Think about it, you've "done paleo" or something similar and not had any results, but why? Not because Paleo doesn't work (it's just food) but probably because you were either eating the wrong combination of food or the wrong amount. Macros work for everyone. Seriously, they do. It might take a little bit of time to find your magic numbers, but they will work for you if you stick it out.

When it comes down to it, counting macros is very similar to counting calories (at a basic level they are the same thing). However, if calories were the end of the story, there would be no difference if a diet was made up entirely of calories from sugar and a more nutrient-focused diet such as Paleo, but we know this is not the case.

We also know that people who eat Paleo with no regard for portion control and who don't exercise, often don't find the success they were looking for with a Paleo diet (i.e. weight loss). Just because the calories are coming from nutrient-dense sources doesn't meant that they don't count.

This is where these two approaches are better together. Eating real, unprocessed foods in the right proportions for you body and goals. While the Paleo approach of eating whatever you feel like you need to nourish your body may work for some, the rest of us need to work within some parameters. I will also say that sometimes counting macros is only a temporary situation until you learn how much fuel your body actually needs. There are countless stories of people who switched to a Paleo diet and gained weight. Why did that happen? Probably because they added in extra fat without taking away something else (remember, calories do matter, but they are not the end of the story). 

The other thing I think of when I hear people tell me that they've tried everything and nothing works when it comes to weight loss, is that they probably haven't tracked the right things for the right amount of time. And if you aren't measuring or tracking something, there is absolutely no way to know whether it works or not. This is why I suggest changing nothing about the way you eat but just start tracking everything to begin with. Then once you've done that for a couple of weeks, make adjustments or get some prescribed macros and go from there. I'm not going to get into specific macros because they vary widely depending on what your goals are. Because I'm an endurance athlete, I'm eating more carbs than someone who is more focused on weight lifting.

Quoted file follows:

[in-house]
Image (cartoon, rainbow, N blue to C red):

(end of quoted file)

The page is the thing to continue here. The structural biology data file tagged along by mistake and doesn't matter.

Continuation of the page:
One thing I definitely don't recommend is using an online calculator because those do not take into account many things (current metabolic situation, activity level. I'll definitely do a post where I outline how to calculate macros for yourself. In the meantime, if you are interested, I'll do it for you! Just leave a comment or send me an email {hello@marthaflorence.com}.

While some may see the combination of these two approaches as increasingly restrictive, I see it as freeing. Let me tell you why. First, it gives you parameters to stick within when you have a goal to meet (athletic performance, weight loss, etc.) so that you know whether or not eating that extra cookie will get you closer to or farther away from that goal (side note: if you want the cookie, eat the damn cookie not matter what, but with macros it becomes a choice not an arbitrary thing where you think you need to spend an extra 20 minutes on the treadmill because you ate a cookie - you know that you ate a cookie and it either put you outside your macros or it didn't, no punishment or guilt, you just know where landed because of it). Second, it does give you more flexibility to enjoy treats (see above note about cookies) because you have actual numbers to measure and can plan accordingly. Eating out for dinner? Add more veggies into your meals and skip a few other carbs (more broccoli, fewer potatoes) to allow yourself more leeway when ordering your dinner. The Paleo/real food aspect? Well, that's just good nutrition. Sure you can "get ripped" by eating Pop Tarts IIFYM, but you'll probably have a few nutrient deficiencies to overcome...